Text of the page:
South Africa: Kidneys Transplanted Between HIV-Infected Patients
June 25, 2010
A South African report of successful kidney transplants between HIV-positive donors and recipients is sparking renewed interest in offering such procedures in the United States.
The report describes four transplantations between September and November 2008. The recipients had end-stage renal disease, were receiving antiretroviral therapy, had an HIV viral load of less than 50 copies per milliliter for more than six months and, with the exception of one patient with fully treated tuberculosis, had no history of opportunistic infections.
The four transplanted kidneys were from two donors who had not received antiretroviral therapy, did not have a history of serious opportunistic infection or cancer and had normal renal biopsies.
After 12 months, the patients all had good renal function and did not have clinically significant graft rejection. They have not needed dialysis since the procedure.
In South Africa, dialysis and transplantation from an HIV-negative donor are not available to HIV-positive patients in the state sector, according to the physicians' report of the procedures.
As therapy extends the expected lifespan of HIV patients, they face complications such as anemia and kidney failure. The waiting list for a donor kidney in the United States is about eight years, and allowing someone who is HIV-positive to be a donor may shorten that time for recipients with HIV, said Dr. Peter Stock, a researcher at the University of California-San Francisco.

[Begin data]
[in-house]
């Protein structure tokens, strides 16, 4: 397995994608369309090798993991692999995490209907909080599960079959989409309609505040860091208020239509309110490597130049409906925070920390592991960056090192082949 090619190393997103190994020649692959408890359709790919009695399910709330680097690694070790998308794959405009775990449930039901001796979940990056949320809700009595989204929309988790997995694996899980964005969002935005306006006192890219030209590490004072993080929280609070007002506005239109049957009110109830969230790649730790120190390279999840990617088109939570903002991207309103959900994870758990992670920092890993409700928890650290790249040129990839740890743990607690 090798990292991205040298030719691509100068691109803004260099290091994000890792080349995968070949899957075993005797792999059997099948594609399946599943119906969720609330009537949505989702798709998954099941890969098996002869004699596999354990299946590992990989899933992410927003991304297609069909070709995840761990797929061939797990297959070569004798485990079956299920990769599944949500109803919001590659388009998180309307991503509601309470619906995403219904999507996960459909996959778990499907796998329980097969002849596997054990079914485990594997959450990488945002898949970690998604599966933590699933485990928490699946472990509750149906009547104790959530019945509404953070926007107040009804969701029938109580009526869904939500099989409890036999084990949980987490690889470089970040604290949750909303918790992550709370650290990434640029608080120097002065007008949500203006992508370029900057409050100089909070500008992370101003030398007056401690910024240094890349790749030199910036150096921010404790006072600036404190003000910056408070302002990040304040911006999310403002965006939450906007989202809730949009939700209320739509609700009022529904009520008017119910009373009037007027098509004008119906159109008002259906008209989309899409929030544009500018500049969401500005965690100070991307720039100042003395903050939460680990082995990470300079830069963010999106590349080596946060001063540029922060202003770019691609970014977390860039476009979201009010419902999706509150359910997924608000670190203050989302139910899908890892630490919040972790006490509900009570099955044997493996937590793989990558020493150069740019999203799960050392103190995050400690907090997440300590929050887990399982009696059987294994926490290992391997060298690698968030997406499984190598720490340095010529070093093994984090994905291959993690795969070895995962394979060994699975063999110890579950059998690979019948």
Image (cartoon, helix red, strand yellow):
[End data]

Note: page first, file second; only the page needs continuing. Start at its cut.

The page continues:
U.S. doctors already perform organ transplants between patients with hepatitis C, Stock noted.
Drug-resistant strains of HIV are more common in the United States than in South Africa. Such a transplant in the U.S. setting, therefore, might transmit to the recipient a strain of the virus more virulent than the one the patient already has.
The full report, "Renal Transplantation Between HIV-Positive Donors and Recipients," was published in the New England Journal of Medicine (2010:362(24):2336-2337).
06.16.2010; Mike Stobbe
This article was provided by U.S. Centers for Disease Control and Prevention. It is a part of the publication CDC HIV/Hepatitis/STD/TB Prevention News Update. Visit the CDC's website to find out more about their activities, publications and services.
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